Filled with exciting, beautiful photographs and easy-to-follow instructions, Mariel's Kitchen includes seventy-five sensational recipes that can be mastered by anyone, regardless of cooking experience. Arranged according to the seasons, these recipes show how simple it can be to put locally grown, seasonal produce on your table in place of packaged and processed foods. From sublime summer breakfasts to delectable desserts and heartwarming winter dinners, these tasty dishes, snacks, salad dressings, marinades, and drink recipes put homemade eating back into easy reach.
Mariel also shares her secrets that make it possible to eat well all week long, even with a full schedule. She reveals what staples are necessary for any pantry and how to prepare core recipes that become the foundation for multiple dishes. She offers shopping tips for navigating the world of organic and sustainable foods. And as she reveals what makes her kitchen “the heart of her home,” she peppers recipes with stories about her own lifelong love affair with food.
Combining Mariel's no-nonsense attitude with wholesome recipes for every occasion, Mariel's Kitchen is a new kind of American cookbook designed to help you—and all those you cook for—eat better, fresher, and more delicious foods, day in and day out.
Nominated for the NAACP Image Award for Outstanding Literary Work
Named a Best Book of the Year by The Root
Chosen by Emma Straub as a Best New Celebrity Memoir
“A book of essays as raw and honest as anyone has ever produced.” — Lena Dunham, Lenny Letter
In the spirit of Amy Poehler’s Yes Please, Lena Dunham’s Not That Kind of Girl, and Roxane Gay's Bad Feminist, a powerful collection of essays about gender, sexuality, race, beauty, Hollywood, and what it means to be a modern woman.
One month before the release of the highly anticipated film The Birth of a Nation, actress Gabrielle Union shook the world with a vulnerable and impassioned editorial in which she urged our society to have compassion for victims of sexual violence. In the wake of rape allegations made against director and actor Nate Parker, Union—a forty-four-year-old actress who launched her career with roles in iconic ’90s movies—instantly became the insightful, outspoken actress that Hollywood has been desperately awaiting. With honesty and heartbreaking wisdom, she revealed her own trauma as a victim of sexual assault: "It is for you that I am speaking. This is real. We are real."
In this moving collection of thought provoking essays infused with her unique wisdom and deep humor, Union uses that same fearlessness to tell astonishingly personal and true stories about power, color, gender, feminism, and fame. Union tackles a range of experiences, including bullying, beauty standards, and competition between women in Hollywood, growing up in white California suburbia and then spending summers with her black relatives in Nebraska, coping with crushes, puberty, and the divorce of her parents. Genuine and perceptive, Union bravely lays herself bare, uncovering a complex and courageous life of self-doubt and self-discovery with incredible poise and brutal honesty. Throughout, she compels us to be ethical and empathetic, and reminds us of the importance of confidence, self-awareness, and the power of sharing truth, laughter, and support.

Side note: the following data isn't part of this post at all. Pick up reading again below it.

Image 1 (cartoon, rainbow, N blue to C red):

A unique and kaleidoscopic look into the life, legacy, and electricity of the pop legend Prince and his wideranging impact on our culture
Ben Greenman, New York Times bestselling author, contributing writer to the New Yorker, and owner of thousands of recordings of Prince and Prince-related songs, knows intimately that there has never been a rock star as vibrant, mercurial, willfully contrary, experimental, or prolific as Prince. Uniting a diverse audience while remaining singularly himself, Prince was a tireless artist, a musical virtuoso and chameleon, and a pop-culture prophet who shattered traditional ideas of race and gender, rewrote the rules of identity, and redefined the role of sex in pop music.
A polymath in his own right who collaborated with George Clinton and Questlove on their celebrated memoirs, Greenman has been listening to and writing about Prince since the mid-eighties. Here, with the passion of an obsessive fan and the skills of a critic, journalist, and novelist, he mines his encyclopedic knowledge of Prince’s music to tell both his story and the story of the paradigm-shifting ideas that he communicated to his millions of fans around the world. Greenman's take on Prince is the autobiography of a generation and its ideas. Asking a series of questions—not only “Who was Prince?” but “Who wasn’t he?” and “Who are we?”—Dig if You Will the Picture is a fitting tribute to an extraordinary talent.